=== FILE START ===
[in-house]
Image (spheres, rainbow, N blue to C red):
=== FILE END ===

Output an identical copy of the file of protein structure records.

[in-house]
Image (spheres, rainbow, N blue to C red):